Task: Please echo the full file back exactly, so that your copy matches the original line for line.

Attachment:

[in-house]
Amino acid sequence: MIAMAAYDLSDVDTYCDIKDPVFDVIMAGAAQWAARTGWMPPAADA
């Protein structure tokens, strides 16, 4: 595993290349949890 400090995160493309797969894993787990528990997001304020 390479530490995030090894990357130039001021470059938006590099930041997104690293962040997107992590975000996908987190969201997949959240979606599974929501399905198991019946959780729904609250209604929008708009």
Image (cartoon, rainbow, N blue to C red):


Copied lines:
[in-house]
Amino acid sequence: MIAMAAYDLSDVDTYCDIKDPVFDVIMAGAAQWAARTGWMPPAADA
């Protein structure tokens, strides 16, 4: 595993290349949890 400090995160493309797969894993787990528990997001304020 390479530490995030090894990357130039001021470059938006590099930041997104690293962040997107992590975000996908987190969201997949959240979606599974929501399905198991019946959780729904609250209604929008708009």
Image (cartoon, rainbow, N blue to C red):